Every company has a different vision for the experience they want to provide their users. As a company looking to invest in quality software, start by looking at what experience you want your users to have. If that user journey only requires basic mobile features, you might find progressive web apps offer an experience indistinguishable from a native app, while being faster and cheaper for you, and easier for your users to access.
So, is a progressive web app better than a native app? It depends on who’s asking. Some progressive web app drawbacks include:
- In general, native apps will outperform progressive web apps, often because native apps can access those additional device features
- Progressive web apps rely heavily on their browsers for overall performance
- Internet access is key, and the result can drain battery life
- Native apps are not dependent on browsers for internet access
- Progressive web apps have fewer options from a functionality standpoint when compared to custom native apps built from scratch
Goldilocks does find useful items while stumbling unchecked through someone else’s property, but she goes through a lot of trial and error first. Not everything she finds works for her, and a lot of resources are lost in the process. Take a look at the experience you want your users to have with your product. Does it need to be a native app? If it doesn’t, does a progressive web app provide the features you require?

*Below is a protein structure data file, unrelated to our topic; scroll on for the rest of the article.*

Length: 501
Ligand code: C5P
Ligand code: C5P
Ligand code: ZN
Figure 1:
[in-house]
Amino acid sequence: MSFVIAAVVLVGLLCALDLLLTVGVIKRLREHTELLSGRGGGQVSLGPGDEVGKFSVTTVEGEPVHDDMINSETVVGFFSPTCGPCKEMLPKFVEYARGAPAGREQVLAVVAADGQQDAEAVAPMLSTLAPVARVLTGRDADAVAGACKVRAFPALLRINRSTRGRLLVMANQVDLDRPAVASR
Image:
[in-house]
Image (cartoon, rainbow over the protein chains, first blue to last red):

How Do I Know if a Progressive Web App is Right for My Needs?
Your software is a serious investment. So taking time to think critically about what type of software fits your needs is the best first step you can take. It’s good advice to consider the risks and rewards of every option to make sure you aren’t biting off more than you can chew.
Progressive web apps might be a good fit for you if:
- The majority of users you’re targeting use progressive web app supported browsers like Chrome, FireFox, or Safari
- You already have an existing native app for one system (such as iOS), and you’d like to avoid building a second
- The app you are creating relies more on content than mobile features
- Your design is for internal use (such as a corporate business purpose)
If the above resonates with you, progressive web apps will be a fantastic option, providing seamless native-like app functionality, with only a fraction of the time, hassle, and development costs.
Unlike Goldilocks, you have time, resources, and solid judgement. You can assess your needs. What are your goals for your digital product? What are the best tools to get you that end result? There is a software option that is right for you — without the risk of infuriating a house full of bears.
Also remember that you don’t have to go through the process alone. Whether you’re building a native mobile app, a custom website, or a progressive web app, there are teams of professionals, armed with a battery of skills to help make sure your software projects always have a fairytale happy ending.